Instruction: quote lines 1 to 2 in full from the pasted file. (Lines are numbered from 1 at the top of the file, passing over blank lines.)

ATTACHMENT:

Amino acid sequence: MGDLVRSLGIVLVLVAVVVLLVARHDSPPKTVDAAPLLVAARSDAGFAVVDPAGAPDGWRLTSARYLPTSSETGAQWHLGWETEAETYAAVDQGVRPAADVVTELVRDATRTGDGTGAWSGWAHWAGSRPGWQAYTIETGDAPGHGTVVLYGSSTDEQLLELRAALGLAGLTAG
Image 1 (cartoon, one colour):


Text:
Amino acid sequence: MGDLVRSLGIVLVLVAVVVLLVARHDSPPKTVDAAPLLVAARSDAGFAVVDPAGAPDGWRLTSARYLPTSSETGAQWHLGWETEAETYAAVDQGVRPAADVVTELVRDATRTGDGTGAWSGWAHWAGSRPGWQAYTIETGDAPGHGTVVLYGSSTDEQLLELRAALGLAGLTAG
Image 1 (cartoon, one colour):